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Rev. Thomas, the former General Minister and President of the United Church of Christ, is now a professor and administrator here at CTS. Follow his timely, provocative writings on the issues of our day.

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Shaking Off the Village

I bought my first iPhone this week.  It’s quite a change from the flip phones I’ve been using!  I’m not convinced life will be better, but it will make texting easier which is, apparently, the preferred and occasionally the only form of communication for my sons.  I’ll be able to check bus arrival times, and locate destinations, and have my calendar with me, assuming I can figure out how to make it work.

But my new iPhone has already been annoying me, sounding an insistent “ding” whenever a new email arrives.  It’s amazing how quickly this seductive little technological feature disrupted my concentration and solitude.  I like the quiet when I write, or read.  And when I’m walking with Lydia, I enjoy her voice, or simply the noise of the city.  I don’t want to have a device intruding, calling me from the solitude or the companionship.  And yet it was hard to ignore; the discipline it took to avoid checking the email message was as distracting as the email would have been itself.  So my first act of rebellion against the empire of Apple was to turn off the “ding” for email notifications.  Take that!

Henry David Thoreau cherished his time in the woods.  It was, he said, his way of “shaking off the village.”  But even Thoreau was easily distracted.  “It sometimes happens,” he wrote, “that I cannot easily shake off the village.  The thoughts of some work will run in my head and I am not where my body is – I am out of my senses. . . .   What business have I in the woods, if I am thinking of something out of the woods?”

Few of us will voluntarily become hermits or enter a fully contemplative life.  And yet the times and spaces of solitude and contemplation are important, indeed vital if we are to know ourselves and God well enough to usefully engage the world.  As Sherry Turkle, a professor at MIT puts it, “When people give themselves time for self-reflection, they come to a deeper regard for what they can offer others.”  Yet the village is insistent.  Even Thoreau found it difficult to ignore its siren call.  And today the village intrudes virtually in ways Thoreau couldn’t have imagined.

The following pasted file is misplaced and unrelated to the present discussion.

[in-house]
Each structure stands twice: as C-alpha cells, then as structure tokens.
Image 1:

We shouldn’t be surprised.  The designers of our various devices and apps have no use for our solitude, for the woods.  They want us Googling and Tweeting and Friending and Liking, feeding data into their algorithms so that the village and its commodities can call out to us, luring us to purchase.  They don’t want us walking hand in hand along the Lakefront; they want us – phone in hand – in the Loop purchasing the village’s wares or, more likely, in our bedrooms making money for Amazon.com.  Today Thoreau would not simply be distracted by thoughts of work in the village; he would be constantly mined for information, the prompts from his device luring him to feed the data bases that allow his every keystroke to be monetized.

The Forty Days are more than an ecclesiastical calendar designation preparing us for Holy Week and Easter; they invite us to follow the pattern of Jesus, shaking off the village for a time of reflection, introspection, contemplation, solitude.  It is a pattern ever more counter-cultural in a world that constantly tempts us to “connect.”  As Jesus reminded us, what tempts us threatens only to impoverish, not enrich.  We do not live by bread alone.

When word of my iPhone purchase was playfully announced by a colleague at our staff meeting this week, the news was greeted with applause and a bit of good natured teasing.  “The old guy is finally getting with the program!” So why am I not sharing in the collective enthusiasm?  This new tool will certainly offer me benefits and assists.  What’s not to like?  Perhaps it’s because I know that it has just become a little harder to shake off the village, that I’ll have to be that much more disciplined about protecting my solitude and the life giving practices and habits that accompany it and the precious ones who share it.   

Ironically, my iPhone’s arrived as I finished Sherry Turkle’s new book, Reclaiming Conversation: The Power of Talk in a Digital Age.  She is hardly a Luddite, but she worries throughout the book about the impact of our attachment to devices on the quality of face to face conversation so essential for nurturing empathy, friendship, learning, and work. She concludes,

“We had a love affair with a technology that seemed magical.  But like great magic, it worked by commanding our attention and not letting us see anything but what the magician wanted us to see.  Now we are ready to reclaim our attention – for solitude, for friendship, for society.”

Technology, like bread, power, and authority can enable and enhance life.  The Tempter, however, wants us to fall in love with them, using ever more amazing magic to enchant us.  We are so easily seduced, and like Thoreau find ourselves with thoughts only of the village when we are in the woods.  Suddenly we are not where our body is.  Ding.

                                John H. Thomas

                                March 10, 2016

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